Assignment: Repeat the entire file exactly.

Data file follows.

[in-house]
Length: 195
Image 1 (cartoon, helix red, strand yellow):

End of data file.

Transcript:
[in-house]
Length: 195
Image 1 (cartoon, helix red, strand yellow):